BETHANY, W.Va. – Bethany College is pleased to congratulate Kathleen Fuchs ‘22, and Ava Lee ‘25, on their research fellowships at the National Institute on Aging (NIA), under the supervision and mentorship of NIH Senior Investigator Dr. Robert Brosh, Jr. ‘85. Brosh leads a team of students, postbaccalaureate fellows, postdoctoral fellows, and research scientists who study the molecular and genetic basis of aging and cancer.

Fuchs, who graduated from Bethany with a B.S. in biology, is currently a NIA postbaccalaureate fellow in Brosh’s lab, studying biochemical defects, underlying autoimmune disease, and mechanisms of how a healthy immune system guards against disease and infection without erroneously attacking the body’s own healthy cells, tissues, and organs. Fuchs is also working on a NIH research team to determine how certain genetic defects in enzymes that sense and process foreign nucleic acids may underlie hereditary diseases characterized by autoimmune disease.

Fuchs says she applied for the internship to expand her research skills in hopes of making a difference in scientific research, and feels she is a piece of the ‘behind the scenes experimenting that will eventually lead to the creation and improvement of medical treatments.’

“I have always been very interested in molecular and smaller-scale biological mechanisms, and the research I conduct in this internship deals heavily in that area,” says Fuchs. “This internship provides me with opportunities not only for research, but to make relationships with other incredible scientists in the field, share my findings on a larger scale, and have the chance to discover something new no matter how big or small.”

Lee is a NIA summer undergraduate student working with Brosh and collaborating scientists in the field of bioinformatics to map point mutations in the genome of the SARS-CoV-2 coronavirus implicated in COVID-19. Brosh says this work is critical to understand the basis for coronavirus genome variation, which has direct consequences for human health during the pandemic and may offer strategies for anti-viral therapeutics.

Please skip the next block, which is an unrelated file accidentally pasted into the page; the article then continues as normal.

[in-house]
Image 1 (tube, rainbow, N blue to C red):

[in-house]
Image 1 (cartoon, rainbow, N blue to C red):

“Incredible advances in the diagnosis, treatment, and cure of human diseases have been made in recent decades. However, as we learned from COVID-19, new challenges are always rising,” says Brosh. “At NIA, we recognize that young trainees like Kathleen and Ava are a very important asset and represent an incredible resource of talent in biomedical research. With the increased number of aged individuals in society, it will be essential for the new generation of biomedical experts to become highly skilled in strategies that extend health span.”

“I believe research like this is very important during the COVID-19 pandemic because it helps us further understand the virus and therefore helps us learn how to combat it,” says Lee. “Through this internship, I have learned more about SARS-CoV-2, the secondary structures in its genome, how to code using R, and more important skills that will be useful in my future.”

Lee and Fuchs credit Bethany’s connections for their internship, and Brosh says it is connections like these that help shape our younger generation.


Bethany College, founded in 1840, is the oldest private college in West Virginia. The Bethany experience focuses on academic excellence in the area of liberal arts and prepares students for a lifetime of work and a life of significance.